The ‘planning epistemology’ unmapping green space that we have identified in Rosengård leaves professionals with a pre-determined and narrow vision, hence, a narrow interpretation of sustainable planning. Furthermore, it underpins the dispossession of green spaces from the existing citizens in a clearly racialized, poor and stigmatized part of the city and undermines the planners’ discursive possibilities to engage productively with local demands to preserve green community assets. Green space is not only sacrificed, but the result is also affecting one the least politically influential communities. This is done despite the citizen dialogue of the Amiralsstaden project stressing the particular importance of local green spaces (courtyards) for women, elderly and children[14] – echoing the ambition of SDG 11.7 to ‘provide universal access to safe, inclusive and accessible, green and public spaces, in particular for women and children, older persons and persons with disabilities’[15]. For green cities to be just, urban planning must to a much larger extent account for the everyday of existing spaces and residents in the areas that are up for ‘sustainable development’.

[1] IPCC, 2022: Climate Change 2022: Impacts, Adaptation, and Vulnerability. Contribution of Working Group II to the Sixth Assessment Report of the Intergovernmental Panel on Climate Change [H.-O. Pörtner, D.C. Roberts, M. Tignor, E.S. Poloczanska, K. Mintenbeck, A. Alegría, M. Craig, S. Langsdorf, S. Löschke, V. Möller, A. Okem, B. Rama (eds.)]. Cambridge University Press. In Press.

[2] IPCC climate report 2022 summary: The key findings


[4] Bibri, S. E., J. Krogstie, and M. Kärrholm. 2020. “Compact City Planning and Development: Emerging Practices and Strategies for Achieving the Goals of Sustainability.” Developments in the Built Environment 4 (2020): 100021.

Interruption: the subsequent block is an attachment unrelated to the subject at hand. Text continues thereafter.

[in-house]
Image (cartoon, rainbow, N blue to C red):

[5] McFarlane, C. 2016. “The Geographies of Urban Density: Topology, Politics and the City.” Progress in Human Geography 40 (5): 629–648.

[6] Angelo, H., & Wachsmuth, D. (2020). Why does everyone think cities can save the planet? Urban Studies57(11): 2201-2221.

[7] Zalar, A. and J. Pries. 2022. Unmapping green space: Discursive dispossession of the right to green space by a compact city planning. City 26(1): 51-73.


[8] Alva Zalar from Agenda2030 graduate school and the department of Architecture and Built Environment at Lund University, together with colleague Johan Pries, associate senior lecturer at the Department of Human Geography at Lund University

[9] Malmö stad. 2015. Planprogram för Törnrosen och del av Örtagården i Rosengård i Malmö. Malmö: Stadsbyggnadskontoret; Malmö stad. 2020. Planprogram Amiralsgatan och Station Persborg: Från nu till år 2040. Malmö: Malmö stad.

[10] Hall, T., & Vidén, S. (2005). The Million Homes Programme: a review of the great Swedish planning project. Planning Perspectives20(3), 301-328.

[11] While, A., Jonas, A. E., & Gibbs, D. (2004). The environment and the entrepreneurial city: searching for the urban ‘sustainability fix’ in Manchester and Leeds. International Journal of Urban and Regional Research, 28(3), 549-569.

[12] Malmö stad. 2018a. Översiktsplan för Malmö: Planstrategi. Malmö: Malmö stad.

[13] Bibri, S. E., J. Krogstie, and M. Kärrholm. 2020. “Compact City Planning and Development: Emerging Practices and Strategies for Achieving the Goals of Sustainability.” Developments in the Built Environment 4 (2020): 100021.

[14] Malmö stad. 2015. Planprogram för Törnrosen och del av Örtagården i Rosengård i Malmö. Malmö: Stadsbyggnadskontoret.

[15] 11 Make cities and human settlements inclusive, safe, resilient and sustainable

October 30, 2022

This entry was posted in


Write a comment

Your email address will not be published. Required fields are marked *